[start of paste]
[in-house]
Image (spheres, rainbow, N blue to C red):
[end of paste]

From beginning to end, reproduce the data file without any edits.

[in-house]
Image (spheres, rainbow, N blue to C red):